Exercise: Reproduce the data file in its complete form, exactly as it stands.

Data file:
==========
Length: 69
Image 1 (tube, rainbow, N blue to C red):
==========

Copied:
Length: 69
Image 1 (tube, rainbow, N blue to C red):